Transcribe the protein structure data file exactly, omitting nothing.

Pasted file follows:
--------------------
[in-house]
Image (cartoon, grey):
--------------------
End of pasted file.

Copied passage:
[in-house]
Image (cartoon, grey):